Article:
- Income in the bottom 20 percent rose 6 percent-or $900.
Some statistics on the U.S. distribution of household wealth:
- About 1/3 is held by the top 1 percent.
- About 1/3 is held by the 9 percent next most affluent.
- About 1/3 is held by the remaining 90 percent.
Some statistics on the U.S. poverty rate:
- The number of Americans living in poverty in 2007 rose to 37.3 million-an increase
of 816,000 over 2006.
- The number of children living in poverty in 2007 jumped by 500,000 to 13.3 million
and the child poverty rate climbed from 17.4 percent in 2006 to 18 percent in 2007.
"The data for 2007 are of particular concern given that the economy is now in a slowdown, and poverty is almost certainly higher now-and incomes lower-than in 2007," says Robert Greenstein of the Center for Budget and Policy Priorities. "This suggests that significant pain may lie ahead for many Americans."
"The richest 1 percent of Americans currently hold wealth worth $16.8 trillion, nearly $2 trillion more" than 90 percent of the rest of Americans. "A worker making $10 an hour would have to labor for more than 10,000 years to earn what one of the 400 richest Americans pocketed in 2005." (John Cavanagh and Chuck Collins, "The Rich and the Rest of Us," The Nation, 6/30/08)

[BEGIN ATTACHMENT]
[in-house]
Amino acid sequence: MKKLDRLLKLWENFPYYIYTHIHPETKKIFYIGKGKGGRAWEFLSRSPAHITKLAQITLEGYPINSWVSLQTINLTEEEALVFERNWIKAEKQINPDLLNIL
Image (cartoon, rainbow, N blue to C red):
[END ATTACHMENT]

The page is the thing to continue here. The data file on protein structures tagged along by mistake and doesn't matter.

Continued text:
Sources: Statistics and the quotes under "U.S. income and wealth trends," unless noted otherwise, are from the testimony of Robert Greenstein, Executive Director, Center on Budget and Policy Priorities, before a subcommittee of the Congressional Committee on Education and Labor, 7/31/08 and a brief update, 8/26/08. Greenstein's statistics come from the latest available data of the Census Bureau, Internal Revenue System, and Federal Reserve Survey of Consumer Finances. The Center on Budget and Policy Priorities describes itself as a "nonprofit, nonpartisan research organization and policy institute that conducts research and analysis on a range of government policies and programs." (www.cbpp.org)
1. What questions do students have about the reading? How might they be answered?